Calculating the ROI of digital marketing activities is a challenge facing many organizations. For instance, how can marketers justify the benefits of a video “share” or a social media “like” to executives who only evaluate activities based on quantitative benefits?
Recently, we looked at top considerations for effective investment and measurement of mobile and search marketing efforts. This week, we delve into display/video, email and social.
Define the metrics: Advertising with video ads and display/banners ads can be a powerful way to connect with prospective customers at different stages of their decision path. What becomes difficult is measuring exactly how they impact your bottom line, as they often do not appear effective by solely measuring their results on a last click. Measuring view-based conversion, assisted conversion, unaided awareness, purchase intent, impact on search, impact on direct to site visits, and impact on average order value can add to your display/video scorecard to make sure its full value is being attributed.
Programmatic buying: This is when a buyer uses an algorithm-based software interface to stipulate a set of criteria for ad inventory he wishes to buy to display his ad. Publishers with large amounts of high-quality traffic in demographics that maintain a high desirability are likely to see a noticeable increase in advertising revenue with programmatic buying. That’s because they’re reaching audiences globally, can finely target and optimize for audiences, and measure quickly. Programmatic buying offers marketers long-awaited transparency, the ability to use their first-party data, and the ability to connect with any audience at any time.
Personalization: According to the Direct Marketing Association’s National client email survey, 77 percent of ROI comes from segmented, targeted, and triggered campaigns. That should come as no surprise in this relationship era of digital marketing. Consumers want convenience and a sense that brands are engaging with them in their best interests. Brands looking to get started need to understand consumers’ priorities when it comes to personalized experience. Studies show that consumers buy more from brands when they send them personalized emails. Brands that can tap into this relevance reap a major benefit: repeat, satisfied customers.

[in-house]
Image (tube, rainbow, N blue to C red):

Delivery: It’s very important to understand the causes of an email delivery failure (bounces, malware attacks, SMTP issues, etc.) in order to ensure all your messages reach their destinations.
Timeliness: Marketers maintain that certain ‘send’ times garner additional opens and conversions than others. For example, some marketers have found that open rates are higher on the weekend once email traffic is lower. Companies are more successful if they utilize their own analytics to trace the time when their emails are opened, and designate future send times consequently.
Set conversion goals and assign monetary value: Measuring social campaigns requires a thoughtful approach, including making the business case to enable regulated users to use social media, creating a social media working group to identify and mitigate the risks, crafting polices and processes, evaluating and selecting third-party vendors, and creating a pilot program. However, different companies and campaigns set different goals, from downloading a PDF, signing up for a newsletter, making an online purchase, or completing a contact form. Track the actual conversions with metrics such as reach, customers, traffic, leads, and conversion rates.
While the quantitative measurements of social ROI are important to a company’s overall goal setting and marketing success, qualitative results are often overlooked. Those who overlook them are missing valuable opportunities. Even just sending a snapshot of feedback from customers on social to the product or marketing team will give them insight into what’s working and what’s not. Marketers must find a way to take those stories and relationships, pull them out, and show how their company’s presence on social made an impact.
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